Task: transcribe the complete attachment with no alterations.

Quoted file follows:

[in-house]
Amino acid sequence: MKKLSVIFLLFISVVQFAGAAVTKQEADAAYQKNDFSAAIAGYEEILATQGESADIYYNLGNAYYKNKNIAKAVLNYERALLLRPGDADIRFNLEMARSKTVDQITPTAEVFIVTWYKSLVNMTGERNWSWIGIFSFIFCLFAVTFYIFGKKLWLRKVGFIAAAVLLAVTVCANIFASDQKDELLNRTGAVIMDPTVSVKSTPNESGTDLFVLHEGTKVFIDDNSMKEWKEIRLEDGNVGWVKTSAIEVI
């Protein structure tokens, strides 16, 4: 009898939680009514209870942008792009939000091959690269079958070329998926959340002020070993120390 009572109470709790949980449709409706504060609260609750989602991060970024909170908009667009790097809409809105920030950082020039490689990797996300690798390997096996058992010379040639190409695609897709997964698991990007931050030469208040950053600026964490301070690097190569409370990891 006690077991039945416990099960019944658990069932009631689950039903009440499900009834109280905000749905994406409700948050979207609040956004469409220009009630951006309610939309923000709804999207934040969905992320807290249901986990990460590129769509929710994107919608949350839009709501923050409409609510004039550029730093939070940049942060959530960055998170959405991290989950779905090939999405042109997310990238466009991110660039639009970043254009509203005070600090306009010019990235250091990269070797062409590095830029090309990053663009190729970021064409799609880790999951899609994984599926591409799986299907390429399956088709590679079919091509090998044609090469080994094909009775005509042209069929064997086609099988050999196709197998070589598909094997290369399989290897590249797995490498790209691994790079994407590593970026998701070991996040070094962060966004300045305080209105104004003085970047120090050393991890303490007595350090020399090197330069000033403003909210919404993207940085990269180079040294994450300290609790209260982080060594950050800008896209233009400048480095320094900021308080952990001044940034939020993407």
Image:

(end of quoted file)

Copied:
[in-house]
Amino acid sequence: MKKLSVIFLLFISVVQFAGAAVTKQEADAAYQKNDFSAAIAGYEEILATQGESADIYYNLGNAYYKNKNIAKAVLNYERALLLRPGDADIRFNLEMARSKTVDQITPTAEVFIVTWYKSLVNMTGERNWSWIGIFSFIFCLFAVTFYIFGKKLWLRKVGFIAAAVLLAVTVCANIFASDQKDELLNRTGAVIMDPTVSVKSTPNESGTDLFVLHEGTKVFIDDNSMKEWKEIRLEDGNVGWVKTSAIEVI
């Protein structure tokens, strides 16, 4: 009898939680009514209870942008792009939000091959690269079958070329998926959340002020070993120390 009572109470709790949980449709409706504060609260609750989602991060970024909170908009667009790097809409809105920030950082020039490689990797996300690798390997096996058992010379040639190409695609897709997964698991990007931050030469208040950053600026964490301070690097190569409370990891 006690077991039945416990099960019944658990069932009631689950039903009440499900009834109280905000749905994406409700948050979207609040956004469409220009009630951006309610939309923000709804999207934040969905992320807290249901986990990460590129769509929710994107919608949350839009709501923050409409609510004039550029730093939070940049942060959530960055998170959405991290989950779905090939999405042109997310990238466009991110660039639009970043254009509203005070600090306009010019990235250091990269070797062409590095830029090309990053663009190729970021064409799609880790999951899609994984599926591409799986299907390429399956088709590679079919091509090998044609090469080994094909009775005509042209069929064997086609099988050999196709197998070589598909094997290369399989290897590249797995490498790209691994790079994407590593970026998701070991996040070094962060966004300045305080209105104004003085970047120090050393991890303490007595350090020399090197330069000033403003909210919404993207940085990269180079040294994450300290609790209260982080060594950050800008896209233009400048480095320094900021308080952990001044940034939020993407």
Image: